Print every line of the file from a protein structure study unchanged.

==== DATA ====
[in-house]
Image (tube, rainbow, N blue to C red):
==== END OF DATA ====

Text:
[in-house]
Image (tube, rainbow, N blue to C red):